Senator Scott Brown is distancing himself from comments by fellow Massachusetts Republican Mitt Romney, who told donors at a private fundraiser that nearly half of Americans see themselves as victims, dependent on government handouts.
“That’s not the way I view the world,” Brown said in a statement. “As someone who grew up in tough circumstances, I know that being on public assistance is not a spot that anyone wants to be in.”
Brown shares a lead political strategist with Romney and has endorsed Romney for president. But in a tight race with Democrat Elizabeth Warren, Brown has been quick to disavow controversial statements from Romney and other members of his party. He has also avoided appearing with Romney and even used President Obama in his television advertisements.
On the national level, Brown’s statement demonstrates how Romney’s comments could create problems for Republicans in liberal and moderate districts.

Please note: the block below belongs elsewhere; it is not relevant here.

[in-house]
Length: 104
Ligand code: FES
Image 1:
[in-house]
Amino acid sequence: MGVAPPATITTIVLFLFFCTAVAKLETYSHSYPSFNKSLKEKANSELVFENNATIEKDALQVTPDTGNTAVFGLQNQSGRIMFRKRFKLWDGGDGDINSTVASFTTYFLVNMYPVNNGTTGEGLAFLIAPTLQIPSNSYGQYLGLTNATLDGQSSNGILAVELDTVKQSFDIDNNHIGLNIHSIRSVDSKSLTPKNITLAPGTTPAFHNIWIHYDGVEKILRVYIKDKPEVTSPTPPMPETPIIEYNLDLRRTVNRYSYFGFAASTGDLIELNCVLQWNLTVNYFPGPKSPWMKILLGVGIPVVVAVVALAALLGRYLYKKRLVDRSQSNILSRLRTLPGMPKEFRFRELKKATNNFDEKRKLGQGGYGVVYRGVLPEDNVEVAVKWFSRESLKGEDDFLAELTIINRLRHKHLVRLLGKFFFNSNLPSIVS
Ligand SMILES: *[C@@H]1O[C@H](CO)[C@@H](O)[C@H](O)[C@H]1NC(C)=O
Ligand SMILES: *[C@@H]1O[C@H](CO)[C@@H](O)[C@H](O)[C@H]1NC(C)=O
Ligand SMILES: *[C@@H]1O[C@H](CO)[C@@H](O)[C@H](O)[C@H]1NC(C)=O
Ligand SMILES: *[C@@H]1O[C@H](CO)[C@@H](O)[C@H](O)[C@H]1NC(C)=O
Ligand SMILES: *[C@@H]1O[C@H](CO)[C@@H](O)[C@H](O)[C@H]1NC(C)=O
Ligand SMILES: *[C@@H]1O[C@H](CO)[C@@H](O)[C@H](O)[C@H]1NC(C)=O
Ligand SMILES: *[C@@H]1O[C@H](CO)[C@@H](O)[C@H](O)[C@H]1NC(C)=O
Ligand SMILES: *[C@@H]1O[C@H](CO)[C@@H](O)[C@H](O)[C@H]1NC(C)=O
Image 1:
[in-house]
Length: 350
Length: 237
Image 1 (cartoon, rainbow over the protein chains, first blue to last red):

Warren was quick to pounce on the Romney comments, saying in an interview that “Mitt Romney wrote off half the people in Massachusetts as deadbeats.”
Warren has been working to tie Brown to the national GOP and paint the race as a referendum on the two political parties’ visions.
“There’s a clear choice in the 2012 election and Mitt Romney just made it clearer,” Warren said in an interview. “It’s between those who say ‘I’ve got mine and the rest of you are on your own,’ and those who say ‘We’re all in this together.’”
Warren added that “Scott Brown is strongly supporting Mitt Romney for president of the United States. I’m strongly supporting Barack Obama.”
Brown, in his comments, expressed sympathy for those on public assistance.
“Too many people today who want to work are being forced into public assistance for lack of jobs,” Brown continued. “The number of people receiving food stamps has grown to 47 million. That’s why I’m fighting for job-creating policies that will help turn our economy around.”
In the statement, Brown also took a shot at Warren, saying her tax proposals would kill jobs and force more workers onto public assistance.